There is one possible use for water if it could be made heavily alkaline, and that's to treat heartburn in the esophagus. But it wouldn't be anywhere near as effective as, for example, a single Tums tablet. However, water so treated would have to be so laden with salts that it would be virtually undrinkable. For more on this, see Skeptoid #128 for a discussion of treating gastric reflux.

Please, everyone: Before you invest money in a Kangen machine or any similar competitive machine, or in becoming a distributor for them, do two things. First, ask a chemist to review their scientific claims; and second, ask a doctor about the medical claims. Maybe you'll find that I'm wrong and the multilevel marketing people have discovered whole new branches of chemistry and medicine heretofore unknown to science. Or maybe you'll find that they're simply another spin-the-wheel-and-invent-a-new-age-pseudoscience trying to separate you from your money with fantastic technobabble and glamorous personal testimonials, and just maybe you'll save those thousands of dollars.

Follow me on Twitter @BrianDunning.

Brian Dunning

© 2009 Skeptoid Media, Inc. Copyright information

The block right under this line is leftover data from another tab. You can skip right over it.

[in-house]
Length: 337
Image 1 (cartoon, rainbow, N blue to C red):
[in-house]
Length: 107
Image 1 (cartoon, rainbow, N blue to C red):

References & Further Reading

Bender, D.A. "The Crystal Truth about Ionized Water." Health Watch. 1 Apr. 2005, Newsletter 57: 8.

Hanaoka, K. "Antioxidant effects of reduced water produced by electrolysis of sodium chloride solutions." Journal of Applied Electrochemistry. 21 Aug. 2001, 31: 1307–1313.

Hiraoka, A., Takemoto, M., Suzuki, S., Shinohara, A., Chiba, M., Shirao, M., Yoshimura, Y. "Studies on the Properties and Real Existence of Aqueous Solution Systems that are Assumed to have Antioxidant Activities by the Action of "Active Hydrogen"." Journal of Health Science. 1 Jan. 2004, Volume 50, Number 5: 456-465.

Lower, Stephen. "'Ionized' and Alkaline Water." Water Pseudoscience and Quackery. AquaScams, 11 May 2009. Web. 14 Jan. 2010. <http://www.chem1.com/CQ/ionbunk.html>

Melton, Lisa. "The antioxidant myth: a medical fairy tale." New Scientist. 5 Aug. 2006, Issue Number 2563: 40-43.

Novella, S. "Have You Had Your Antioxidants Today?" The Science of Medicine. The Committee for Skeptical Inquiry, 1 Nov. 2011. Web. 1 Mar. 2012. <http://www.csicop.org/si/show/have_you_had_your_antioxidants_today>